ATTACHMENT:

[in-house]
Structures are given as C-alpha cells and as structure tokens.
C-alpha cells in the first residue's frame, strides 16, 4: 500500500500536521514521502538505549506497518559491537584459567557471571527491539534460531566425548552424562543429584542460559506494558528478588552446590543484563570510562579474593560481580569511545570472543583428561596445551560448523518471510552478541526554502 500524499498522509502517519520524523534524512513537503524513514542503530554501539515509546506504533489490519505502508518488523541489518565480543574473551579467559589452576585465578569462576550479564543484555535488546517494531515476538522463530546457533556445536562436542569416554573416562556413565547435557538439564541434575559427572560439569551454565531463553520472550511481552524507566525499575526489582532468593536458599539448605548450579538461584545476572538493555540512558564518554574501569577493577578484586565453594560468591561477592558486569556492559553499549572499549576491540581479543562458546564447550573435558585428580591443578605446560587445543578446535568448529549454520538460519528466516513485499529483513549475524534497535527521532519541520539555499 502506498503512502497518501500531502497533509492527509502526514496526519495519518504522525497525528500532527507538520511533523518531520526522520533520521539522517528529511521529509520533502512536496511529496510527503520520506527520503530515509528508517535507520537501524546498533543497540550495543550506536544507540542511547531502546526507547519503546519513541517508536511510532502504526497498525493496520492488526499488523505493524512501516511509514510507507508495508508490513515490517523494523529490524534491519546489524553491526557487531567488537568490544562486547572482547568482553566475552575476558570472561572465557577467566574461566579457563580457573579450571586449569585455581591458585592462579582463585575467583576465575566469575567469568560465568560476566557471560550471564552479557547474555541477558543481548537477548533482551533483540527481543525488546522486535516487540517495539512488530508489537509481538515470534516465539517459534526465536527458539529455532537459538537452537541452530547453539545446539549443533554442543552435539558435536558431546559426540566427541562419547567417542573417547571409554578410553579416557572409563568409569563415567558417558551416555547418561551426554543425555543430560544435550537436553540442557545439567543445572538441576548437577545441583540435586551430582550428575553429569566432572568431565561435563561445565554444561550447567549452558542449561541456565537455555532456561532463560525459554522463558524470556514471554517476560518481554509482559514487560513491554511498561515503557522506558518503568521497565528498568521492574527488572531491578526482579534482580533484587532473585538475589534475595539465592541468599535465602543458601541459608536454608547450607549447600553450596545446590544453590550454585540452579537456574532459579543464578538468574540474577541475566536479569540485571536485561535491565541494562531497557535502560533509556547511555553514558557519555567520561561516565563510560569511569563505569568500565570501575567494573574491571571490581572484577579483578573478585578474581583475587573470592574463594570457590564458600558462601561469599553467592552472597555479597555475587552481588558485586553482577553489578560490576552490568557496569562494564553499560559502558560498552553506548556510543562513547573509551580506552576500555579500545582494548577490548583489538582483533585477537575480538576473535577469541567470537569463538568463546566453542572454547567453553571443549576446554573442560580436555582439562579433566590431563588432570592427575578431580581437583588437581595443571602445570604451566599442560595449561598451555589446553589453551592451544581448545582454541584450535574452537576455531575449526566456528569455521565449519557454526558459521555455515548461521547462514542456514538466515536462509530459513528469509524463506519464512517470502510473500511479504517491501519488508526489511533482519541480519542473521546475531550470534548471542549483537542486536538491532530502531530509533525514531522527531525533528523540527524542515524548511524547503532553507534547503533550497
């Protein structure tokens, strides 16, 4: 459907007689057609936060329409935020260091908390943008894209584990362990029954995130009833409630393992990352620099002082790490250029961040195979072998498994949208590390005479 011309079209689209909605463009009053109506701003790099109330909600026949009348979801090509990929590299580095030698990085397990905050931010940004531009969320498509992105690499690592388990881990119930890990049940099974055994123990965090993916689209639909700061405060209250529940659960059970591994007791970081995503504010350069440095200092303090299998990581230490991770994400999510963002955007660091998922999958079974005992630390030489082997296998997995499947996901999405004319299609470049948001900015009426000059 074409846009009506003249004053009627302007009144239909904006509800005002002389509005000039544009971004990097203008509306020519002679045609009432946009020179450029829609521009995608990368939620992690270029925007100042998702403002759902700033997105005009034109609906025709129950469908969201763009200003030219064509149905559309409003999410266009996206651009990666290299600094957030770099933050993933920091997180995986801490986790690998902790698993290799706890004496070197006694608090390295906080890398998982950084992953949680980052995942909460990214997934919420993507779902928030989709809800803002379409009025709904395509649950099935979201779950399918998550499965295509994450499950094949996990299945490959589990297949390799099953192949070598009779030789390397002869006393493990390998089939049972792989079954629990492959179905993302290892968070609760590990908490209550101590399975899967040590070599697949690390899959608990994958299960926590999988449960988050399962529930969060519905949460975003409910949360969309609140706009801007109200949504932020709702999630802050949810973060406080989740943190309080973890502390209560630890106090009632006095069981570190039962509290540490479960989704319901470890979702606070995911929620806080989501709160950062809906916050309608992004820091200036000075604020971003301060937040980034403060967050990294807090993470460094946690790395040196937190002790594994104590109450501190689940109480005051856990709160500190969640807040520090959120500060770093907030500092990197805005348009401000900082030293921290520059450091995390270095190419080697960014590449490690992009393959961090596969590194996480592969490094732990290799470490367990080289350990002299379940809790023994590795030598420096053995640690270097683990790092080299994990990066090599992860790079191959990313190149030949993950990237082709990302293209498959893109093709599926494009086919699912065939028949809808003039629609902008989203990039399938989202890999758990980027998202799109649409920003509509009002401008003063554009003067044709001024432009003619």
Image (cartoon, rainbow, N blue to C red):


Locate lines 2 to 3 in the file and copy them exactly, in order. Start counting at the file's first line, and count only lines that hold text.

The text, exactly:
Structures are given as C-alpha cells and as structure tokens.
C-alpha cells in the first residue's frame, strides 16, 4: 500500500500536521514521502538505549506497518559491537584459567557471571527491539534460531566425548552424562543429584542460559506494558528478588552446590543484563570510562579474593560481580569511545570472543583428561596445551560448523518471510552478541526554502 500524499498522509502517519520524523534524512513537503524513514542503530554501539515509546506504533489490519505502508518488523541489518565480543574473551579467559589452576585465578569462576550479564543484555535488546517494531515476538522463530546457533556445536562436542569416554573416562556413565547435557538439564541434575559427572560439569551454565531463553520472550511481552524507566525499575526489582532468593536458599539448605548450579538461584545476572538493555540512558564518554574501569577493577578484586565453594560468591561477592558486569556492559553499549572499549576491540581479543562458546564447550573435558585428580591443578605446560587445543578446535568448529549454520538460519528466516513485499529483513549475524534497535527521532519541520539555499 502506498503512502497518501500531502497533509492527509502526514496526519495519518504522525497525528500532527507538520511533523518531520526522520533520521539522517528529511521529509520533502512536496511529496510527503520520506527520503530515509528508517535507520537501524546498533543497540550495543550506536544507540542511547531502546526507547519503546519513541517508536511510532502504526497498525493496520492488526499488523505493524512501516511509514510507507508495508508490513515490517523494523529490524534491519546489524553491526557487531567488537568490544562486547572482547568482553566475552575476558570472561572465557577467566574461566579457563580457573579450571586449569585455581591458585592462579582463585575467583576465575566469575567469568560465568560476566557471560550471564552479557547474555541477558543481548537477548533482551533483540527481543525488546522486535516487540517495539512488530508489537509481538515470534516465539517459534526465536527458539529455532537459538537452537541452530547453539545446539549443533554442543552435539558435536558431546559426540566427541562419547567417542573417547571409554578410553579416557572409563568409569563415567558417558551416555547418561551426554543425555543430560544435550537436553540442557545439567543445572538441576548437577545441583540435586551430582550428575553429569566432572568431565561435563561445565554444561550447567549452558542449561541456565537455555532456561532463560525459554522463558524470556514471554517476560518481554509482559514487560513491554511498561515503557522506558518503568521497565528498568521492574527488572531491578526482579534482580533484587532473585538475589534475595539465592541468599535465602543458601541459608536454608547450607549447600553450596545446590544453590550454585540452579537456574532459579543464578538468574540474577541475566536479569540485571536485561535491565541494562531497557535502560533509556547511555553514558557519555567520561561516565563510560569511569563505569568500565570501575567494573574491571571490581572484577579483578573478585578474581583475587573470592574463594570457590564458600558462601561469599553467592552472597555479597555475587552481588558485586553482577553489578560490576552490568557496569562494564553499560559502558560498552553506548556510543562513547573509551580506552576500555579500545582494548577490548583489538582483533585477537575480538576473535577469541567470537569463538568463546566453542572454547567453553571443549576446554573442560580436555582439562579433566590431563588432570592427575578431580581437583588437581595443571602445570604451566599442560595449561598451555589446553589453551592451544581448545582454541584450535574452537576455531575449526566456528569455521565449519557454526558459521555455515548461521547462514542456514538466515536462509530459513528469509524463506519464512517470502510473500511479504517491501519488508526489511533482519541480519542473521546475531550470534548471542549483537542486536538491532530502531530509533525514531522527531525533528523540527524542515524548511524547503532553507534547503533550497